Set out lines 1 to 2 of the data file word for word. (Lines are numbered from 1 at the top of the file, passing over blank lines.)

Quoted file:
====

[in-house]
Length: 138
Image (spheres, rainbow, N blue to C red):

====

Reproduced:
[in-house]
Length: 138